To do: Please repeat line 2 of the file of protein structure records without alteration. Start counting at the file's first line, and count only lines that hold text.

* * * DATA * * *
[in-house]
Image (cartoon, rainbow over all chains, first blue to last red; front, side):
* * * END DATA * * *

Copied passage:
Image (cartoon, rainbow over all chains, first blue to last red; front, side):